There’s actually way more in this app than I actually needed (I just wanted to get all the physical data out to my laptop), but it suits the purpose. So in this video, I show a quick demo of getting my heart rate as an OSC message into my laptop running Pd, and then converting it into a MIDI clock for the drumbrute impact.

More on OSC in Pd Vanilla:


More Pure Data tutorials here.

Check prices on the Arturia DrumBrute Impact (affiliate links):
Perfect Circuit
Reverb
Amazon

Sending Raw MIDI Data in Max (and Pure Data)

Sending out raw MIDI data in Max/MSP with [midiout] for system messages and other live control.

Here, I use the [midiout] object in Max to send individual “note on” and “note off” messages, using our knowledge of the MIDI protocol. We can then expand that to algorithmic MIDI control of sequences in the Arturia DrumBrute Impact, including adjusting the clock and the song position pointer for funky, chaotic beats.

0:00 Intro
0:30 [midiout]
0:59 Basic concept – Note On
3:16 Note Off
4:32 Pitch Bend Change
5:32 Exploring Algorithmic Control
6:47 Controling Sequencers (DrumBrute Impact)
7:09 MIDI Clock Message
9:01 Algorithmic Clock Control
10:03 Start, Stop, and Continue MIDI Messages
11:29 Playing with the Song Position Pointer
13:30 Bringing back the Drunk [metro]
15:00 Closing / Next Steps

Click here for more Max/MSP videos:

Interactive Neural Net in Eurorack (Joystick & Artificial Neuron)

Combining human input from a joystick with a two-neuron artificial neural network for chaotic interactive music.

This Eurorack joystick is going into a simple neural network to control multiple dimensions of the timbre of this synth voice. Joystick dimensions X, Y, and Z go into different inputs of the Nonlinear Circuits Dual Neuron, and are mixed together and transformed by a nonlinearity (more here). In addition to the output controlling the waveform and filter cutoff of the synth, the outputs of each neuron is fed back into the other, creating a chaotic artificial organism with which to improvise.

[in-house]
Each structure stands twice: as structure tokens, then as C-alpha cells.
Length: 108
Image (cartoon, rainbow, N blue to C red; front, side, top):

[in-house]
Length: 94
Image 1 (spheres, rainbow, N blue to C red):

Affiliate links for modules in this patch (though you really don’t need them; you can probably work this out with the gear or software that you currently have):
Doepfer A-174-4 3D Joystick (Perfect Circuit)
NLC Dual Neuron (Reverb)
Noise Engineering Ataraxic Translatron (Reverb)
Hikari Ping Filter (Perfect Circuit)
Noise Engineering Sinclastic Empulatrix (Reverb)
Arturia DrumBrute Impact (Perfect Circuit)
Korg SQ-1 (Perfect Circuit)

More Music with Artificial Neurons:

Spotting Subaudio

Finding and removing subaudio from sample files with a waveform editor.

Subaudio are frequencies below the range of human hearing (below 20Hz). These frequencies can sneak into our recordings, and work against us in a number of ways. If we can address subaudio in our samples, we can do ourselves a favor in the later stages of our mixing process.

0:00 Defining Subaudio
0:59 Example 1: Spotting Subaudio
2:04 Example 1: Doing the Math
2:50 Why Did This Happen?
3:11 Removing Subaudio with Parametric EQ
5:53 Example 2: Not Really Subaudio
7:27 Harmonics of Subaudio
8:31 Example 3: Trimming
9:15 Example 4: Bringing It All Together
10:16 Closing. Next Steps